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Royal wedding wheels for sale at Bonhams

Two Aston Martins nearly identical to Prince Charles' car used by Duke and Duchess of Cambridge
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Two Aston Martins virtually identical to that owned by Prince Charles which was on view after the recent Royal Wedding as Prince William drove his new bride from Buckingham Palace to Clarence House, will be on sale at Bonhams auction of Aston Martins on Saturday, May 21, in Newport Pagnell, home of the marque.

If the idea of having a Royal look-alike Aston in the garage appeals, Bonhams offers two: lots 305 and 325. Prince Charles received his car as a 21st birthday present from the Queen. It started a love affair with Astons and in the 1980s. he specified a much more powerful car, a V8 Vantage Volante.

James Knight, Global Head of Collectors Motor Cars at Bonhams, says: “Aston Martins hold a position very close to the heart of Prince Charles. He received his first - the DB6 MKII Vantage Volante - as a 21st birthday present from the Queen. In the 1980s, the V8 model was being produced by Aston Martin and Prince Charles influenced the design by specifying a V8 Volante with Vantage power but without the aggressive looks of the Vantage. This 'wolf in sheep's clothing' spec was adopted by only a few other customers and a limited run of just 25 were built. These cars became known as the V8 Vantage Volante 'Prince of Wales'.”

Bonhams Lot 305, is a 1968 Aston Martin DB6 MkI Volante, Registration no. NEL 762F, estimated to sell for £210,000-240,000. The second is Lot 325, a 1968 Aston Martin DB6 MkI Volante Registration no. PRE 635F, estimated to sell for £200,000-250,000.

Considered by many to be the last "real" Aston Martin, the DB6 was launched in 1965, up-dating the DB5. Although Royal patronage of the marque undoubtedly helped DB6 sales, the car arrived at a difficult time for Aston Martin, with the home economy in a parlous state and the US market subject to ever-more restrictive legislation.

Though recognizably related to its Touring-styled DB4 ancestor, the DB6 abandoned the Superleggera body structure of its predecessors in favour of a conventional steel fabrication. The wheelbase was now 4" (100mm) longer than before, resulting in an extensive restyle with more-raked windscreen, raised roofline and re-shaped rear quarter windows. Opening front quarter lights made a re-appearance, but the major change was at the rear where a Kamm-style tail with spoiler improved the aerodynamics, greatly enhancing stability at high speeds. 'The tail lip halves the aerodynamic lift around maximum speed and brings in its train greater headroom and more luggage space,' declared Motor magazine, concluding that the DB6 was one of the finest sports cars it had tested.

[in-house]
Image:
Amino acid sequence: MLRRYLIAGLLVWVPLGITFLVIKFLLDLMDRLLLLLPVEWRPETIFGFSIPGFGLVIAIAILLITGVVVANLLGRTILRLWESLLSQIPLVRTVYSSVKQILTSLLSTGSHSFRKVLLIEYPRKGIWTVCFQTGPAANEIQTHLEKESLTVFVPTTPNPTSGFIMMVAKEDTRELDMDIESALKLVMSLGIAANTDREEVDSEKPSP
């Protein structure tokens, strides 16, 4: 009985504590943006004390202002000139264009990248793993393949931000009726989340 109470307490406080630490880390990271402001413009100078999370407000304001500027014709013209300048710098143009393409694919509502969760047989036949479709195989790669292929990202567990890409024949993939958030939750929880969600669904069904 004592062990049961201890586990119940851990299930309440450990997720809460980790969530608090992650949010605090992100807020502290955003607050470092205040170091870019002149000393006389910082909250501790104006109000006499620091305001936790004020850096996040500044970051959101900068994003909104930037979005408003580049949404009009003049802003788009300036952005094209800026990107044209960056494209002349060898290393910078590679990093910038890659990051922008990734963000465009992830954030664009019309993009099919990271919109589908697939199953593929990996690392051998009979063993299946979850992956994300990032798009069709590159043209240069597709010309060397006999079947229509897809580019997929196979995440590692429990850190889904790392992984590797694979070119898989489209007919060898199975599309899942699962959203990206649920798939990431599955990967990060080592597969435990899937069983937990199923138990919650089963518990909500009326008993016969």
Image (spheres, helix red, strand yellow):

The Tadek Marek-designed six-cylinder engine had been enlarged to 3,995cc for the preceding DB5 and remained unchanged. Power output on triple SU carburetors was 282bhp, rising to 325bhp in Vantage specification. Borg-Warner automatic transmission was offered alongside the standard ZF five-speed gearbox, and for the first time there was optional power-assisted steering.

Premiered at the 1965 London Motor Show, the convertible DB6 marked the first occasion the evocative "Volante" name had been applied to a soft-top Aston Martin. After 37 Volante convertibles had been completed on the DB5 short-wheelbase chassis, the model adopted the longer DB6 chassis in October 1966. The stylish Volante offered four-seat accommodation and was generously appointed with leather upholstery, deep-pile carpets, aircraft-style instrument cluster and an electrically operated hood. A total of 1,575 DB6s was made between 1965 and 1970, plus 140 of the long-wheelbase Volantes.

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